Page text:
As one of the hardest-working muscles in the body, your heart beats thanks to a complex system of nerves, cells, biochemicals and minerals. Acetylcholine, a biochemical, plays a large role in maintaining your heart's rhythm when you are at rest. It is part of the cascade of processes that influence your heart's natural pacemaker.
Your heart is a strong muscle, a little bigger than your fist. The American Heart Association states that, during the day, the average heart beats 100,000 times and pumps about 2,000 gallons of blood. Your heart has four chambers -- two atriums and two ventricles -- that open and close in a specific rhythm, which is controlled by electrical impulses. According to the American Heart Association, heart chambers contract when an electrical impulse moves across them. This movement triggers the sinoatrial node, or the "pacemaker," to send out impulses, which in turn cause your heart to beat. Typically, your built-in pacemaker generates impulses at a steady rate; however, emotions, actions and hormonal factors can cause your heart to vary in rhythm.
Acetylcholine, or ACh, is a neurotransmitter used by nerve cells that control your heart, muscles and lungs. According to Eastern Kentucky University, it is also used by neurons in the brain involved in memory functions. ACh is made from acetyl coenzyme A, through a process faciliated by the enzyme choline acetyltransferase. According to the University of Washington, ACh is released at the junction between nerve and muscle cells, called the motor end-plate. This release signals calcium ions to begin muscle contraction.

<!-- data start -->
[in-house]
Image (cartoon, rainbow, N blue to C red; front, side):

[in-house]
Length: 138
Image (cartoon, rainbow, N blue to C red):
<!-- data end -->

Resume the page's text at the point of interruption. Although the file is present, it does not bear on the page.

According to Cvphysiology.com, the heart receives its electrical impulses via the vagus nerve and sympathetic nervous system fibers. The right vagal nerve primarily innervates the sinoatrial node, which is under parasympathetic nervous system control. The parasympathetic nervous system governs "at rest" behavior, like digestion, whereas the sympathetic nervous system is your body's stress response. In other words, the sympathetic response leads to a racing heart, while the parasympathetic maintains your body at rest.
It is parasympathetic and vagus nerve activation that releases acetylcholine onto your sinoatrial node, states Cvphysiology.com. This action decreases pacemaker rate by increasing potassium and decreasing calcium and sodium movement. As the pacemaker slows, so does your heart rate. At rest, the acetylcholine released by the vagus nerve can bring your heart rate down to 60 to 80 beats per minute.
An increase in heart rate requires an inhibition of vagus nerve stimulation or acetylcholine activity. According to Cvphysiology.com, in experiments where the right vagus nerve is removed, the sinoatrial node firing rate increases if the resting heart rate was below 100 beats per minute. To increase heart rate, your body will increase the sympathetic nervous system stimulation; this process inhibits the vagus nerve's action -- i.e., acetylcholine release. Acetylcholine's action must be overcome in order to speed up heart rate. Your body will also increase sympathetic outflow to the sinoatrial node, which releases norepinephrine, an excitatory neurotransmitter that increases heart rate.